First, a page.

The ancient Egyptian writing system evolved over time to become what we now recognise as hieroglyphs. It is believed that the ancient Egyptians may have been the first civilisation to begin writing. The earliest available evidence of hieroglyphs date back to 3250 BCE, though the pictograms are considered ‘proto-hieroglyphs’ as they were not quite as developed as they were later on. The proto-hieroglyphs were used to communicate the place of origin and quantities of products like linen and oil.  The Seal of Seth-Peribsen is believed to be the first record of proper hieroglyphs (created sometime between 2890-2670 BCE).

 

Why couldn’t everyone in ancient Egypt read and write?

 

Reading and writing were considered sacred in ancient Egypt, and only a select group of people were allowed to possess this knowledge: scribes. Scribes were usually men, though there is some evidence that female doctors existed and could read medical texts. Some of the perks involved in being a scribe reportedly included not having to join the army and not having to pay taxes.

 

Becoming a scribe involved going to a school and learning how to read and write. Most people who became scribes were the children of scribes. Learning was challenging as there were a great number of signs to learn, and the entire process could take up to 12 years. Students would practice their signs by copying them on old pieces of pottery, limestone or papyrus. They worked with reed brushes, which they dipped in ink made of ground minerals mixed with liquid.

 

How was the Rosetta stone decoded?

 

After the French captain Pierre Bouchard discovered the stone in Rosetta village during the Napoleonic wars in 1799 CE, it took decades before anyone could figure out what it said. Then came along Jean-François Champollion and Thomas Young of England, who managed to translate it using the Greek portion of the stone in 1882.  And what did it say? It turns out it was a message in honour of the pharaoh; a decree passed by a council in 196 BCE celebrating the coronation of Ptolemy V Epihanes.

 

How do you learn to draw Egyptian symbols?

 

Learning to draw Egyptian symbols and hieroglyphs has never been easier thanks to the internet! There are a myriad of resources available online through websites such as YouTube and Pinterest which can take you through the process step-by-step. Of course, you will need to have paper, a pencil and an eraser at the ready – unless you have a digital drawing tablet.

 

How do you translate hieroglyphics?

 

Unless you are serious about wanting to master the ancient Egyptian language (which would require you to get a Bachelor’s degree in the field), it is recommended to use an online translation service. This will allow you to translate hieroglyphics into English, or alternatively translate English into ancient Egyptian symbols.

 

Is the ancient Egyptian language still spoken today?

 

The Egyptian language has evolved greatly since its inception thousands of years ago. Hieroglyphs began to fade from usage in 391 BCE following Theodosius I’s closure of all non-Christian temples. It then evolved through the Demotic and Coptic phases, which were influenced by the Demotic and Greek alphabet.

 

Most modern Egyptians use the Egyptian Arabic or Standard Arabic language systems. It is common for citizens to also learn English at school. Minority languages spoken in the country include Saidi Arabic, Nobiin, and Siwi Berber.

 

How many people can speak the ancient Egyptian language?

 

An exact number is not known. It is likely that very few people are fluent in ancient Egyptian, with the exception of a small number of devoted scholars. Many people who study Egyptology will be at least somewhat familiar with the language, however.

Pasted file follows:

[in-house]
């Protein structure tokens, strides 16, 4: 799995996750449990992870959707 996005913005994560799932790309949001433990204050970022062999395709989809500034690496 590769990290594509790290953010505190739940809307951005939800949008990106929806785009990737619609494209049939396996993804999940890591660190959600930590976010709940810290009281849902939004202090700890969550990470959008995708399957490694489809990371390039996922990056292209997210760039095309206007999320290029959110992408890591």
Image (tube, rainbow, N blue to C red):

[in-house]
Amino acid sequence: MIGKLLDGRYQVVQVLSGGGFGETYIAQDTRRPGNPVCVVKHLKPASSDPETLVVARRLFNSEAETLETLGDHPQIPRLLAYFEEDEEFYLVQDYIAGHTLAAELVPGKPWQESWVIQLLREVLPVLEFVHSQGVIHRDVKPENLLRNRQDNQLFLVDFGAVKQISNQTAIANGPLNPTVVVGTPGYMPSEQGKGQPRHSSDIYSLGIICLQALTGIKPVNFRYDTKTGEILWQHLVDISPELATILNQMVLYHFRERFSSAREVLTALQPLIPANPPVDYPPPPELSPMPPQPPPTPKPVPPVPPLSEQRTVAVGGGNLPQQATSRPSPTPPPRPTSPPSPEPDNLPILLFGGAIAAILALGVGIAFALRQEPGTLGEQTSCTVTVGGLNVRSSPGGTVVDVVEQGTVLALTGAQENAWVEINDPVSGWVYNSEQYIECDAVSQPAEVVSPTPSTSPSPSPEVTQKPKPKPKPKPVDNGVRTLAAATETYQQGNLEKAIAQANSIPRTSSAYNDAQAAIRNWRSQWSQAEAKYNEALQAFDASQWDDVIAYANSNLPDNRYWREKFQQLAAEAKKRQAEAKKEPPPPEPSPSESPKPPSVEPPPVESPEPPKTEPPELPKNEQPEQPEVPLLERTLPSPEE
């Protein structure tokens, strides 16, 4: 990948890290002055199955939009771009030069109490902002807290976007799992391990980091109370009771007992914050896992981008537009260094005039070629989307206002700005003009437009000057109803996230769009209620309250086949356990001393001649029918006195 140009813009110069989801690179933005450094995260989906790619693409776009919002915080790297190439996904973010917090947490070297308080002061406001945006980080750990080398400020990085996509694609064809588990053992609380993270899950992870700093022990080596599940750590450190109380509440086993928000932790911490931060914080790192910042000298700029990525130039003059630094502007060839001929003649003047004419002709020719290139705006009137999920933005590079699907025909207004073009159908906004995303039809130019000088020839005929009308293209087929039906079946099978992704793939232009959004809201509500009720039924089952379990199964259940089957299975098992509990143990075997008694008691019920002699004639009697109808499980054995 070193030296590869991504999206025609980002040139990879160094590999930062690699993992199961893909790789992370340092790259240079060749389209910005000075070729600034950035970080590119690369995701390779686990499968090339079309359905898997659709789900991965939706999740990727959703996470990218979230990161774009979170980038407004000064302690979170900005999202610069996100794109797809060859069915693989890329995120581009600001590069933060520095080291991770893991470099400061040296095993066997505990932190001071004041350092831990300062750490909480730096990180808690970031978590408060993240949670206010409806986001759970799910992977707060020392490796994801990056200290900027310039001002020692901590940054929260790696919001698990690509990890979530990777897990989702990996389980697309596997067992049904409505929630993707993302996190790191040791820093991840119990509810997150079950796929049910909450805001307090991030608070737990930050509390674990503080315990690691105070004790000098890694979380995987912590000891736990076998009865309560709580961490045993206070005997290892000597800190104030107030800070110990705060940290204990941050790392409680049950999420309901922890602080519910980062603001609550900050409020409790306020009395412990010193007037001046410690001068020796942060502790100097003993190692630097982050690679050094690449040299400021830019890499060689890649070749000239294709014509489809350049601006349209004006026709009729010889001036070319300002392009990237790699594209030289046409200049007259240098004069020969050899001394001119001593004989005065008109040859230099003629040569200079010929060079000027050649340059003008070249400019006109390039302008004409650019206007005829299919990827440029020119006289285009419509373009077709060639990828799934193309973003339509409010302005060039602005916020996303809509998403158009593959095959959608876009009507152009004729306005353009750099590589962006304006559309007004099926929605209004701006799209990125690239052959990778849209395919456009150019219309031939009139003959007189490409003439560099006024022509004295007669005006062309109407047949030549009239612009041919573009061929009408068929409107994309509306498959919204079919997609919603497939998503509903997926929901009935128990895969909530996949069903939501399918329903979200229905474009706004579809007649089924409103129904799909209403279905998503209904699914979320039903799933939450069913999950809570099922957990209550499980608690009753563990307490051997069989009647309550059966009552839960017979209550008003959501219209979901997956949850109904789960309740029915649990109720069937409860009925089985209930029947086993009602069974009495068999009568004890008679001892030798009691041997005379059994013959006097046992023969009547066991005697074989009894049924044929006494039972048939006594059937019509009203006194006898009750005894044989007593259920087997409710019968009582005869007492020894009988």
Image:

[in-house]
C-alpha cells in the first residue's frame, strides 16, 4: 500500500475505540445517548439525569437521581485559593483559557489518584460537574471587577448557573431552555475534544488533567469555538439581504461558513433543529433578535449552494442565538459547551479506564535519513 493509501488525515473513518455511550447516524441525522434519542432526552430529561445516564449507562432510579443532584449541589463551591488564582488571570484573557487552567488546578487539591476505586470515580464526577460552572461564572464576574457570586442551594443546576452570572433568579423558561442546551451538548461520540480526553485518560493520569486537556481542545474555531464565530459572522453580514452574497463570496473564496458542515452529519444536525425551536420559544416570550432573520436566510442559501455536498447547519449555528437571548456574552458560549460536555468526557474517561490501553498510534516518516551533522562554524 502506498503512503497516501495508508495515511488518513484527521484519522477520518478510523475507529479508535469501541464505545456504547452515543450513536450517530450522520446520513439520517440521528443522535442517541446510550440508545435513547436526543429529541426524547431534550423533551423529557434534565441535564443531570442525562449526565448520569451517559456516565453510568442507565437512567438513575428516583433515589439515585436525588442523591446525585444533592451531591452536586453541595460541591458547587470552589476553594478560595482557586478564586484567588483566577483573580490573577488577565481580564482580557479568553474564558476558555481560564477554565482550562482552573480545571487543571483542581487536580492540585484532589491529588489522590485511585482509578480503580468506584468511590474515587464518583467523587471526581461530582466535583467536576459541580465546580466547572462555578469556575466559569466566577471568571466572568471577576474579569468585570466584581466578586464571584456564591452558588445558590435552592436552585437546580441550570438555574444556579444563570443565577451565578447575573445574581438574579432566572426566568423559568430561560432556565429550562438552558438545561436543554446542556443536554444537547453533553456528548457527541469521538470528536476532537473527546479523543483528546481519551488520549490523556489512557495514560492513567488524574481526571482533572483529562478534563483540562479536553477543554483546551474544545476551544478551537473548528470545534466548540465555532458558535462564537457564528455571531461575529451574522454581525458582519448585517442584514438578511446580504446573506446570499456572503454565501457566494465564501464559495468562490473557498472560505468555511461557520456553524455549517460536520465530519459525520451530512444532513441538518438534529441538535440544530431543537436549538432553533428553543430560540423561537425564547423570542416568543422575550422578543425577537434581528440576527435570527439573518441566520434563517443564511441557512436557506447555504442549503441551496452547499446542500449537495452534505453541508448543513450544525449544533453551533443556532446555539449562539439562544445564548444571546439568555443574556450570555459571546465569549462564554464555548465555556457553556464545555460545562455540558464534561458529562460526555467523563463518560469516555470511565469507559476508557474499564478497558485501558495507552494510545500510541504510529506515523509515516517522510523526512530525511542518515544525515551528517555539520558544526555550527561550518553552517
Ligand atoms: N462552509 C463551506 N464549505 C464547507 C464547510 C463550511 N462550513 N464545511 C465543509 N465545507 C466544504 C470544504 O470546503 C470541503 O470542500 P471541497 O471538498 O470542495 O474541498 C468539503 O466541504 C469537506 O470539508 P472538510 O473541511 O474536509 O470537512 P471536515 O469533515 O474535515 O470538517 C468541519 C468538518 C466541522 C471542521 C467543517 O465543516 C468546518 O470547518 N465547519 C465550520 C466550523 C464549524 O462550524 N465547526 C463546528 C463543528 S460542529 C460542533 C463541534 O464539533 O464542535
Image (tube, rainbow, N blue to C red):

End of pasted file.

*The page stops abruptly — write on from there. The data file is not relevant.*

Why does Illuminati use Egyptian symbols?

 

The secret society is associated with Eye of Providence, the “all-seeing eye of God”. While comparisons are often drawn to the Eye of Horus, the Eye of Providence is actually based off Christian iconography; the three corners of the triangle represent the Father, the Son and the Holy Spirit, and the eye represents God.

 

How can Egyptian symbols be used in modern life?

 

Today, Egyptian symbols are most often appreciated for their aesthetic and historical value. They are most commonly used in art and design. If you truly love a certain Egyptian symbol, you might want to get it as a tattoo or framed artwork for your home. You might also want to incorporate ancient Egyptian culture into your architecture if you are building a property.

 

Is it true that ancient Egyptians used perfume?

 

Using available evidence through pictures and decoded hieroglyphs, it seems so. Ancient recipes have been found sharing methods of perfume-making. The most commonly used ingredients were cinnamon, lily, myrrh, rose, cassia and cardamom. The ancient Egyptians even had a dedicated god of perfume, named Nefertum, who walked around with lotus flowers. And in a grand display of power, when Julius Caesar gained control of Egypt, he threw bottles of perfume out to the Roman people to celebrate!

 

Egyptian Symbols Conclusion

 

Ancient Egypt is a fascinating civilisation to study for many reasons. Their religion, art, language, architecture, music, fashion and rituals are incredibly rich and complex – and archaeologists continue to discover more and more about the civilisation every day! Only recently, coffins were found with hieroglyphics which could not be deciphered by top researchers.

 

Additionally, much insight and wisdom can be gained from studying ancient Egyptian texts and culture. The Wisdom Texts, for example, share this: “Do not exalt someone of noble birth more than you do the child of a humble man, but choose a man because of his actions.”
 

The Egyptian mythology includes great stories to discover, you can buy and witness these memorable symbols by booking unforgettable Egypt tours packages or enjoying incredible Nile River cruise to observe the majestic temples of Egyptian pharaohs and explore the myths of gods and goddess.